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Remote Siberian lake holds clues to Arctic -- and Antarctic -- climate change

Intense warm climate intervals--warmer than scientists thought possible--have occurred in the Arctic over the past 2.8 million years.

That result comes from the first analyses of the longest sediment cores ever retrieved on land. They were obtained from beneath remote, ice-covered Lake El'gygytgyn (pronounced El'gee-git-gin) ("Lake E") in the northeastern Russian Arctic.

The journal Science published the findings this week.

They show that the extreme warm periods in the Arctic correspond closely with times when parts of Antarctica were also ice-free and warm, suggesting a strong connection between Northern and Southern Hemisphere climate.

The polar regions are much more vulnerable to climate change than researchers thought, say the National Science Foundation-(NSF) funded Lake E project's co-chief scientists: Martin Melles of the University of Cologne, Germany; Julie Brigham-Grette of the University of Massachusetts Amherst; and Pavel Minyuk of Russia's North-East Interdisciplinary Scientific Research Institute in Magadan.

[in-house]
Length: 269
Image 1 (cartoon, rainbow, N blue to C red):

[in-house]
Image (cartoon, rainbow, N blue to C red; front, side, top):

The exceptional climate warming in the Arctic, and the inter-hemispheric interdependencies, weren't known before the Lake E studies, the scientists say.

Lake E was formed 3.6 million years ago when a huge meteorite hit Earth, leaving an 11-mile-wide crater. It's been collecting layers of sediment ever since.

The lake is of interest to scientists because it has never been covered by glaciers. That has allowed the uninterrupted build-up of sediment at the bottom of the lake, recording hitherto undiscovered information on climate change.

Cores from Lake E go far back in time, almost 30 times farther than Greenland ice cores covering the past 110,000 years.

The sediment cores from Lake El'gygytgyn reflect the climate and environmental history of the Arctic with great sensitivity, say Brigham-Grette and colleagues.

The physical, chemical and biological

Contact: Cheryl Dybas
National Science Foundation

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